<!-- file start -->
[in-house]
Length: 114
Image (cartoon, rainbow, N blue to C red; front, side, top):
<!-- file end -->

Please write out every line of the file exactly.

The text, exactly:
[in-house]
Length: 114
Image (cartoon, rainbow, N blue to C red; front, side, top):